Can you represent someone if they are charged in a state other than Arizona?
Tom Dean is a lawyer in Phoenix, but he has traveled throughout the United States to represent people charged with drug-related offenses. Tom is well-known for cases where marijuana plays a principal role. He is deeply familiar with marijuana laws and restrictions throughout the country.
Do you only take marijuana-related cases? Do you have experience with cases involving other drugs as well?
Tom Dean has been a passionate advocate for responsible drug law reform from early in his career. He has seen firsthand how today’s harsh drug laws affect the lives of innocent Arizonans. As a result, he is familiar with drug laws pertaining to all categories of banned or “illicit” drugs.
No matter what kind of drugs your case involves, you can rest assured Tom Dean is an expert who understands your situation. Contact Tom even if your case does not involve marijuana.
Can someone be imprisoned for possession of marijuana in Arizona? If so, how much jail time could be imposed?
Medical marijuana is legal in Arizona. However, there are still archaic laws in place that punish possession of marijuana under various circumstances. Even the possession of a small amount of marijuana can sometimes be construed as a felony with a fine of up to $150,000. To find out more about Arizona’s existing marijuana laws, see the summary of Marijuana Laws in Arizona.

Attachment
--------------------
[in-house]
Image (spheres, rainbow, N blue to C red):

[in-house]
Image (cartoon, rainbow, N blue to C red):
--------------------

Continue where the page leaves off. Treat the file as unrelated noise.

How much marijuana is enough to get slammed with a charge for intent to sell?
Remarkably, you may be charged with intent to sell while possessing or transporting virtually any amount of marijuana. Circumstances of which you are not even aware, such as the location of a school or even a school bus, may substantially increase the possible charges, penalties and fines you are subject to. To learn more, visit the summary of Marijuana Laws in Arizona.
Is driving under the influence of marijuana illegal in Arizona?
Yes. In fact, thousands of people face “marijuana DUI” charges in Arizona and other states every single year. Even though there is no universally recognized medical standard for determining marijuana-based impairment – and many people dispute whether “impaired driving” happens at all for marijuana users – it can be a misdemeanor or even a felony. See Marijuana Patient DUI.